USDA NRCS Farmer of the Year announced - Ora McCoy of Virginia

APPOMATTOX. Va. – About 16,000 people live in Virginia’s historic Appomattox County and Ora Scruggs McCoy isn’t exaggerating when she says she’s met just about all of them.



Farmer of the Year Ora McCoy (center front) with (from left) nephew Stuart Jones, grandson Reid McCoy, son Edward McCoy Jr., and farm manager Donnie Franklin (Photo by John Markon, Virginia NRCS).



Some of them got to know her in 1975 when she was named the county’s first female postmaster (the first African American to hold the position). Others may have encountered her during an eight-year hitch on the county school board or at three local churches where she served as a pianist. Today, McCoy spends much of her “free time” promoting the Carver-Price Legacy Museum, which emphasizes local African American heritage in a place where history often seems to start and stop on April 9, 1865.*


“There are lots of stories here in Appomattox,” McCoy said. “I think they should all be heard.”


USDA’s Natural Resources Conservation Service is pleased to help share the story of this longtime community activist by recognizing her as its 2021 Farmer of the Year.


“This award recognizes and honors minority producers who are outstanding stewards of the land and promote conservation in their communities,” said Dr. Edwin Martinez Martinez, NRCS' state conservationist for Virginia. “Ms. McCoy checks both boxes and we are thrilled to have a small part in preserving the land she so dearly loves.”


The story of Scruggs Farm begins at the end of the Civil War when newly freed slaves Daniel and Phoebe Scruggs actually received the often mythical “40 acres and a mule” Union military commanders promised to all emancipated slaves. The family holdings increased to 335 acres over three generations, but much of the property was sold after the death of McCoy's father. McCoy, her late husband and her son, Edward McCoy, Jr., all invested considerable time, effort, and resources to buy back all but about 13 acres divided among numerous heirs.


“Which is one reason why you don’t see too many Black families still on their original properties,” said McCoy, who was born in the farmhouse and lived on site until 1970. “In a lot of other families, once some of the heirs moved away from Appomattox, all they usually wanted to do was sell when it was their turn to inherit. We had to be very patient, but we eventually bought up all the pieces that were willed to my siblings to allow us to keep the land as a farm and to continue the legacy.”


At age 79, McCoy is very involved in the family business but leaves much of the day-to-day operations to longtime farm manager Donnie Franklin. The operation transitioned from crops to cattle in the 1980s and the family now manages about 200 head on three different farm sites. Their efforts to expand the cattle operation also prompted them to focus additional attention on stewardship.


“The drier the year, the less water that’s in our creeks and springs,” explained Franklin. “Our water table has dropped a lot and the cows were staying in the water more because the water level was getting so low.”



Ora Scruggs McCoy maintains a family museum on a living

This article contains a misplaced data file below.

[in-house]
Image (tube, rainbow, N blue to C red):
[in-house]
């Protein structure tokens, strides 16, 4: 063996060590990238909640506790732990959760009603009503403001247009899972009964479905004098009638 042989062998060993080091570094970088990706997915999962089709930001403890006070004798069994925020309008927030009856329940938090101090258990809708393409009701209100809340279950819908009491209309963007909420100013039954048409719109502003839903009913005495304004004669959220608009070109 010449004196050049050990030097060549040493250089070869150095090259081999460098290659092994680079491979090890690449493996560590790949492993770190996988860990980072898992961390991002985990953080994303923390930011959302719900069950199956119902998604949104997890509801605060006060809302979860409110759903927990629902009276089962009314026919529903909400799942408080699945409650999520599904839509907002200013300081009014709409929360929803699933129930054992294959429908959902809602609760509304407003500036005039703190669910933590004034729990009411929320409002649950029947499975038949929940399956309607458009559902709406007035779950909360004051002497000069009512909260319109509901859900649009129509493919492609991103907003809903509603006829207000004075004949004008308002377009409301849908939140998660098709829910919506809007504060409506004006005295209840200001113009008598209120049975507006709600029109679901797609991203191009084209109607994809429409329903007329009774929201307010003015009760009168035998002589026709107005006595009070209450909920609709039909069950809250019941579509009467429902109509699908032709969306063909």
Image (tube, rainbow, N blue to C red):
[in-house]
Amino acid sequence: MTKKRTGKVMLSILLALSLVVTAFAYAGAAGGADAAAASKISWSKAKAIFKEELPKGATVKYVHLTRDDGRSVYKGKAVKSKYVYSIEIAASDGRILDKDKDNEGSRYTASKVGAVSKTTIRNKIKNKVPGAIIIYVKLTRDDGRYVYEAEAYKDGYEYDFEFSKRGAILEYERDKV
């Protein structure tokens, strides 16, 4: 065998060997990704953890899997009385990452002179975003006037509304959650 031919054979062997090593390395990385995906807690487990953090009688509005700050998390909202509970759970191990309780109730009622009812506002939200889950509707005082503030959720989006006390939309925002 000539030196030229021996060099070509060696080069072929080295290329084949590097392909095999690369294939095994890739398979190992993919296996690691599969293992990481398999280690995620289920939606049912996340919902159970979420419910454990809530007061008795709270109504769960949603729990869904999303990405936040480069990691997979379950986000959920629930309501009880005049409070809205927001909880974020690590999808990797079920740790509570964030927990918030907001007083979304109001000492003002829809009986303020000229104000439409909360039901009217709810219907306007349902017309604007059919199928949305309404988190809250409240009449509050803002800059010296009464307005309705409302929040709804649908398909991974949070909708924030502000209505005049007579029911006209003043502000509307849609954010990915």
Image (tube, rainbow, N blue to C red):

room wall in the main house on her Appomattox County farm.



The family worked with the Robert E. Lee Soil & Water Conservation District to implement rotational grazing with fencing and an alternative watering system to keep the cattle out of a stream that runs through the property.


With assistance from the NRCS field office in Rustburg, they also developed a conservation plan for the farm’s 200 wooded acres that includes tree and shrub plantings as food sources for wildlife and practices to improve soil quality. These activities will be undertaken with financial assistance from the NRCS Conservation Stewardship Program (CSP), which offers payments for the conservation performance of existing practices.


“That falls in line with what we’re trying to do to conserve the farm and be good stewards,” said Edward McCoy, Jr., who lives near Richmond but visits the farm frequently. “We want to make sure we use good environmental practices to maintain the farm. It’s part of our long-term strategy to grow the farm and make it sustainable.”


“It’s been a labor of love getting it to the size and scope we are at now,” he adds. “We want to earn enough to preserve the land as a fun place where younger generations can come and hang out with the animals, enjoy the woods and ride the four-wheel-drive vehicles if they want to. We see the farm as a family playground as much as a working farm.”


For Ora McCoy, the land has even larger significance as a gathering place for the community. She hosts a picnic every year for three to four hundred of her neighbors, inviting them to come out and enjoy the property.


Her passion for family history is immediately obvious when visitors walk into the living room and view an entire wall of family photos and newspaper clippings detailing major developments in the Scruggs/McCoy saga. Many of the men and women featured in the wall display were farmers and are buried in a small graveyard behind the house, further connecting past to present.


“That core 40 acres still belongs to us and it’s my aim to see that it always will,” she said, “I make my son and my grandson promise me all the time that they’ll never sell it. I’m sure they get tired of me doing that, but it’s that important to me.”


“Nana has nothing to worry about,” said grandson Reid McCoy. “It’s always been a very special place because of the history and legacy and connection to family. Every time I come here, it’s just home.”

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